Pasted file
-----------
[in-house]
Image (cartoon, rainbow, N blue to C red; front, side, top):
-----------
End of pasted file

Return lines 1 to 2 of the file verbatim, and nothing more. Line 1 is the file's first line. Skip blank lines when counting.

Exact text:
[in-house]
Image (cartoon, rainbow, N blue to C red; front, side, top):